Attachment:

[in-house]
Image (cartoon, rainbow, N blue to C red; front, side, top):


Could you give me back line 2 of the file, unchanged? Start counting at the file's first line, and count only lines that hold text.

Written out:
Image (cartoon, rainbow, N blue to C red; front, side, top):